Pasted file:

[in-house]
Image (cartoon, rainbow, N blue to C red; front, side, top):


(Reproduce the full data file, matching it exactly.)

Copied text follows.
[in-house]
Image (cartoon, rainbow, N blue to C red; front, side, top):